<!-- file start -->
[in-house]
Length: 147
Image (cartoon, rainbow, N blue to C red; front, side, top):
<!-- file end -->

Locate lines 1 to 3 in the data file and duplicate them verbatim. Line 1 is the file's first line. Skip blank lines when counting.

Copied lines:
[in-house]
Length: 147
Image (cartoon, rainbow, N blue to C red; front, side, top):